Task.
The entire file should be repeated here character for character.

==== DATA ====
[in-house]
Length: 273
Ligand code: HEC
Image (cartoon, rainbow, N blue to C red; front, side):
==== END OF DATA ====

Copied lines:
[in-house]
Length: 273
Ligand code: HEC
Image (cartoon, rainbow, N blue to C red; front, side):